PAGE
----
Await Your Reply

I happen to love Halloween.  I find it to be one of the best times of the year – it’s warm and cozy and sinister all wrapped up in an orange package with a black bow. 

Given that I love Halloween, you would think that I would love scary books and movies too.  No, not so much.  In fact, the last scary movie I actually sat through was the Blair Witch Project and I had the afghan over my head.  I hid behind the chair during Silence of the Lambs.  The first time I saw The Exorcist, I lay awake half the night and worried that my bed was going to start flopping up and down.  No, I do not like scary anything.  I prefer ponies and rainbows, thank you.

So, when I started listening to the book, Await Your Reply by Dan Chaon, I thought that it was just a literary drama.  It was categorized as a “thriller” but I find that word to be vague.  What is thrilling for one person is boring to another. 

It was dramatic alright.  And also psychologically intense.  And downright scary.  I could not stop listening.

From the very first chapter, and a scene where two men are racing down a deserted road in Saginaw County, feverishly trying to get to the hospital with the younger man’s severed hand in a cooler, Dan Chaon grabs hold of you and doesn’t let go.   The chapters interweave stories of seemingly unrelated people and events.  Then, as time goes on, the stories begin to become more cohesive and meld together seamlessly. 

The characters, just like the entire book, are bleak.  We meet Miles Chesire who has been searching for his schizophrenic brother, Hayden, for the better part of ten years and we meet up with him in the Arctic Circle where he last heard from Hayden.  Lucy Lattimore is a 19-year-old high school graduate who was recently orphaned and is now holed up in an abandoned hotel in Nebraska with her former history teacher.  Ryan just found out that his parents are actually his aunt and her husband.  Confused and overwhelmed, he fakes his death at Northwestern University to join his birth father in a life of petty internet crimes.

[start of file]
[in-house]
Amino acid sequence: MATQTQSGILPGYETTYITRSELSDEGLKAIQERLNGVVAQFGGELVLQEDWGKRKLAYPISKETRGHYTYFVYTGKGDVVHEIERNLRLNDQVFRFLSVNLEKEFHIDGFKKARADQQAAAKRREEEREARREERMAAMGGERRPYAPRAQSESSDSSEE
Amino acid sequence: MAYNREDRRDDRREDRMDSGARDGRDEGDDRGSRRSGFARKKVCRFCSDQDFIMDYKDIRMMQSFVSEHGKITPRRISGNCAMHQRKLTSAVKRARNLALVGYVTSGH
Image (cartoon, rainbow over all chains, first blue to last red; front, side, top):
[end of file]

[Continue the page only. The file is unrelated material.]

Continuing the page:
The themes were isolation, identity theft and abandonment.  Nice cheery, feel-good stuff.   

At first I was confused regarding how any of these subplots could possibly be related.  However, as time went on, the characters started to cross into each others’ lives and then the twists and turns started to make sense.  I didn’t see any of it coming. 

So, if you like slasher films and bloody gore, go see Saw III, re-read Carrie or some other Dean Koontz novel.  Or, if you’re looking for a book that will creep you out and make you wonder about the sociopath next door, try this one. 

Don’t say I didn’t warn you.

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8 thoughts on “Await Your Reply

    • Ah, but you do! It’s not SCARY, just bleak. And weird. It leaves you with “Didn’t see that coming.” I think that’s significant in the cookie cutter world that we live in – don’t you?

  1. you lost me at “bleak”
    looking more for facetious romp (hold the F-bomb, please) material

    -although I have nothing against a good sociopath, provided he’s got a dashing foil

    but too many crazies spoil the book soup – who comes up with plots like that??

  2. Well, there weren’t as many crazies as you think, but I don’t want to give away too much. It really was bleak.

    Yeah, who does come up with plots like these? You’d have to have quite an imagination.

    • I am still here, Granny. However, since I am doing a horrible job at blogging lately, I may have to call it a day and wrap it up. I wanted to be a better blogger but time and other circumstances are not permitting it. I’m still enjoying yours, however.

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